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amount materially less than the taxable income of any other business corporation, for the latter is granted no similar deduction for distributions of income. Moreover, the deduction is allowable whether or not the distribution of the net income of the cooperative corporation is made in cash, notes, certificates, or merely in credits to patrons on the books of the cooperative corporation. Thus, cooperative corporations are enabled to escape the income tax entirely by the issuance of some form of paper certificates to patrons, redeemable at the discretion of the directors of the cooperative corporation. To be sure, cooperatives are required to file information returns, in which all patronage dividends in excess of $100 are required to be reported. In the light of the substantive provisions of the law, however, the information return provision has required merely that the Internal Revenue Service be informed of paper distributions that, in fact, it cannot tax.

Congress demonstrated its intent to tax the entire net income of сос ratives in 1951. The approach of taxing part of the income to the cooperative corporation and part to the patron has proved unworkable. The fair and effective way of achieving the congressional intent is to levy the tax on the cooperative corporation on its entire net income, with no exclusion or deduction for patronage dividends, regardless of their form.

The taxation of the entire net income of cooperative corporations is justifiable on several grounds. In the first place, in fairness, income realized by cooperative corporations should be taxed on the same basis as income realized by corporations that compete with cooperatives. There seems to be no good reason for making a tax distinction between cooperative corporations actively engaged in business and other kinds of corporations competing actively with them. Each is a legal entity engaged in an enterprise for profit. Consequently, the proposal to tax cooperative corporations upon the portion of their net incomes remaining after a deduction or exclusion from income of patronage dividends paid in cash or in notes possessing a readily determinable market value, while ordinary business corporations remain taxable upon their entire net incomes with no deduction for dividends distributed in cash or its equivalent, is seriously objectionable. The net income realized by a cooperative with no exclusion or deduction for patronage dividends in reality constitutes its income for tax purposes as it does for other purposes. There is no legitimate reason, in my opinion, for discriminating in favor of cooperative corporations and against other business corporations that must compete with them directly.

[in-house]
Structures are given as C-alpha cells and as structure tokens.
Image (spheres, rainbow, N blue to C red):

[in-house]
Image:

In the second place, the Federal income tax is levied generally on the basis that a corporation is an entity distinct from its shareholders or patrons, and should bear a tax upon its own income, whether that income be distributed or not. So long as ordinary business corporations are taxed in this way, cooperative corporations engaged in similar business activities should be taxed in the same way.

The early stages of the forthcoming proposed revision of Federal revenue laws will demonstrate how much Congress is in earnest in its expressed desire to reduce taxes on citizens generally by closing loopholes, eliminating inequities, and generally broadening the base. The exemption of cooperatives is an exemption which crept into the law